This is where growth-driven design is a better process.
Why Is Growth-Driven Design Better Than Traditional Processes?
There is a better way, Growth-Driven Design (GDD). The GDD approach actually has its roots in 2016 as agile development and Scrum took a solid hold on the world of software development.
When applied to website design, you get many benefits including quicker launches, spreading the financial investment, more predictable results, and continuous improvements based upon data-driven decisions.
Let’s look at these benefits.
1. Quick Launch and Iterate
In a GDD project, you are focused on the long-term while recognizing the need for speed.
A GDD project allows the team to review its strategy and determine the must-haves for a new website launch. This may include a design refresh along with acknowledging specific features.
Ultimately, the team will identify the critical items for the initial MVP (Minimally Viable Product) website launch.
This gets your new website launched quickly and then immediately begins the process of 30-day cycles further developing the required features and functions of the site.
Iterating means the site is being improved every month based on information about what is working and what is not with your customers.
2. Invest Over Time
Since the website is being updated and improved every month rather than being fully built out all at once, you have the ability to manage the financial and resource impact over short sprints on specific topics.
You will spend less on the initial launch because it is the minimum of what is desired long-term. That frees up cash flow but ensures the minimal bar has already been reached.
In each 30-day sprint cycle, the teams will focus on a few key next steps. That means only the needed personnel are required to spend time on specific features.
For instance, if the feature focus this month is a landing page, form, and A/B testing of a recurring donation online giving form, does the program team need to be involved? No. Free them up to work on other program priorities this month.
Next month may be a landing page with a program registration form and the programs and marketing folks are needed but maybe the executive director or president is only needed for quick feedback and final approval.
This process maximizes staff time without being on projects and in meetings that are not crucial for them.
3. On-Time and On-Budget Launch
When your team works in bite-size chunks, estimating effort and costs is more accurate.
This allows for the best estimation of time in order to accomplish the next feature or update which in turn keeps sprints on track and launch on time.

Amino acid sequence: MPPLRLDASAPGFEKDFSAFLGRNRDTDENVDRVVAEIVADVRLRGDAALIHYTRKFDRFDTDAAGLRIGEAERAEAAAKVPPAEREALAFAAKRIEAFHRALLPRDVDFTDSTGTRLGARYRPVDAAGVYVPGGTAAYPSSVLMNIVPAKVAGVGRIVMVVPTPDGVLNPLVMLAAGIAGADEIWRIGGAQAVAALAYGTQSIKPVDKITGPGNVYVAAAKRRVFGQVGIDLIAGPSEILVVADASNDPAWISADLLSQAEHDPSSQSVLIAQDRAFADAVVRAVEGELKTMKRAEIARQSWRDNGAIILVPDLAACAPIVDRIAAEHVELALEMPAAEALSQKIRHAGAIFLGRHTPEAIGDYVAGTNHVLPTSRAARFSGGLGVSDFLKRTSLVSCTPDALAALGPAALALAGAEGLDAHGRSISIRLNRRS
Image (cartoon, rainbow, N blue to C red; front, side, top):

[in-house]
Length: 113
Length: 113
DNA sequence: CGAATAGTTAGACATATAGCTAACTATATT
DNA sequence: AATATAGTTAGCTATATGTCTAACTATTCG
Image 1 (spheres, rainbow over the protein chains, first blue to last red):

This helps your operating bank account in two ways.
First, a more accurate estimation of effort prevents cost increases by limiting scope and time frame.
Second, with a more focused set of things to work on, staff are more efficient as there is less context switching and needing to remember what was decided seven weeks ago. All efforts are in the here and now.
4. Data-Driven Decisions
In my experience, using data-driven decision-making is the most important piece of growth-driven development principles.
The key is to define metrics for what you expect to see. Make changes, and then measure the results before proceeding further.
For instance, if a new program registration landing page is being created, how will you know if it is successful. Perhaps it is the number of conversions. Maybe you measure the number of started versus completed registration.
Define the measuring stick of success. Then, measure the results. Was it what you expected? Can you make it better?
You will never know the answers if you don’t start defining and measuring success. This is a critical ingredient to maximizing your digital investments.
Our friends at NextAfter are masters of this when it comes to digital fundraising optimization.
5. Month Over Month Improvement
GDD is all about right-sized chunks of work as they are needed and measuring the results to make them better.
When you begin measuring success with empirical data, you are giving your organization the gift of improvement.
No longer will your team guess about what is working and what is not, they can show it. When you can see what is working and what is not, you can prioritize how your budgeted dollars are spent each month. This means you are making more real-time decisions with an increased chance of success.
Targeted, realistic, high-accountability decision-making each and every month.
Look at it this way. You don’t invest in a mutual fund that has no history, just a bunch of differing opinions. You want to see the rate of return, how has it done over time. Is its performance trending up or down?
Your website is an investment and needs to be treated like one.
Growth-Driven Design (GDD) is an approach to website design and redesign that helps maximize the dollars a nonprofit puts toward web initiatives.
Working with a nonprofit consulting firm or agency that uses GDD will improve the investment of time and dollars for any organization. 30 day sprints, measurable results, iterative processes, and data-driven decisions all contribute to significant increases in satisfaction both within the organization and with your clientele.
According to one study, organizations utilizing growth-driven design experienced 16.9% increase in lead generation and 11.2% increase in revenue after 6 months. I bet you would be very excited about those improvements.